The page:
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What to Cook with : Puddings, Syrups, Baked Goods, Braised Meats

  • A key ingredient of root beer, Sarsaparilla has an almost medicinal sweet flavour with notes of vanilla, licorice, caramel, and mint. Added to tonics, soups, snacks, and desserts, Sarsaparilla has gained popularity with both ancient and contemporary people for its detoxifying and healing properties.

  • Recipes

    Coming soon


    Sarsaparilla can still be used to create fizzy drinks and fresh teas, or you can infuse it into a simple syrup to use later in cocktails, drinks, and desserts. Try it in the batter of cakes or make it into a braising liquid for red meats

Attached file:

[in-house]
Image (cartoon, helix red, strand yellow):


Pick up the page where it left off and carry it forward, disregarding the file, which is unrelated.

Pairs deliciously with:

    Ice Cream, Tiramisu, Cupcakes with Vanilla Frosting, Braised Beef Cheeks

  • Origin & History

    The natives of Central America were the first to use Sarsaparilla in the preparation of beverages and later as a medicine to boost immunity, fight inflammation, and promote longevity. Derived from a vine, it was introduced it to European settlers who believed it could cure syphilis. Sarsaparilla has been used to treat everything skin ailments to muscle pain and headaches. Sarsaparilla became a popular drink in the American West and the predecessor to modern-day root beer.

  • Ingredients

    Sarsaparilla Root Powder



    Serving size

    14 x 1/2 Tsp


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